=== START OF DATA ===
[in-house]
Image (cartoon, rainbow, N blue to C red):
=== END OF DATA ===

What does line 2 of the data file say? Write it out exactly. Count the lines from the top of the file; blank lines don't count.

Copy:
Image (cartoon, rainbow, N blue to C red):